Detect Hazardous Materials BEFORE Demolishing Begins


HAZARDOUS MATERIALS are found in a range of locations, forms and types of building structures; plus they are not just limited to Commercial projects. Unfortunately, they are widely spread through residential and public properties as well.

The identification process is the first step for anyone wishing to undertake alterations, demolition or disturbance of materials — which could be potentially harmful to workers, or the general public. And then, you need to quantify the cost of rectification; and what effect that will have upon your intended project.

3 Key Questions to ask …

  • Have you completed a thorough due diligence, prior to the purchase contract going unconditional?
  • Does your project feasibility allow for the treatment Hazardous Materials?
  • If not, could your entire contingency allowance the used up during demolition?

As you would appreciate … the identification, handling, disposal and clearance of workplaces invoke appropriate BCA, OH&S and environmental considerations.

Therefore, any works required as a result of testing these materials could dramatically affect the overall feasibility of your project.

Commonly-found Hazardous Materials

  1. Asbestos-based products including (but not limited to) sealants, linings, spray, glue, insulation, paneling, etc. The three main types of Asbestos include Chrysotile (white asbestos), Crocidolite (blue asbestos), Amosite (often called brown asbestos).
  2. PCBs (Polychlorinated Biphenyls) found in light fittings.
  3. SMFs (Synthetic mineral Fibres) found in insulation, ceiling tiles and bonded materials.
  4. Lead (found mainly in paints)

Before you begin any demolition works on an existing building, it is important to have a trained professional undertake basic Part 5 audit and Division 6 testing/report — to establish what areas, or materials used, may contain a hazardous substance.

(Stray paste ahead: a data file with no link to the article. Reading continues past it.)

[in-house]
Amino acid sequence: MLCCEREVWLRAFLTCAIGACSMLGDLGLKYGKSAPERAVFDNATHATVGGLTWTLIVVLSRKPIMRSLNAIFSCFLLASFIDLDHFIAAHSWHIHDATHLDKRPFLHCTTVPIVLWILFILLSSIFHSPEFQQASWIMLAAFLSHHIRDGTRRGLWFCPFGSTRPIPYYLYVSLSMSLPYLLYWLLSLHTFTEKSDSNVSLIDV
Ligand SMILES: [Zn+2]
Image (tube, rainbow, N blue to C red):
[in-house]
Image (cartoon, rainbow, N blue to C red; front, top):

• Part 5 Audit is more of a visual audit inspecting materials for age, type and application. This is not an intrusive process, purely visual to identify and record what potential areas may need to be tested.
  • Division 6 Report is the sampling and identification through testing of different types of material. This process involves taking a small shard, shaving or other type of sample of different materials that need to be tested for specific toxic properties.

Bottom Line: Hazardous materials are generally harmful when ingested through breathing; ingested through the mouth or eyes; and absorbed through cuts or abrasions on the skin.

Moreover, these materials become harmful when disturbed by being heated up, ground down from machinery or tools. And are then inhaled or ingested, ultimately leading to illness or death.

If you are considering a refurbishment or demolition project, you need to limit your exposure to hazardous materials by undertaking a thorough due diligence … to help identify the presence of any potentially toxic materials.


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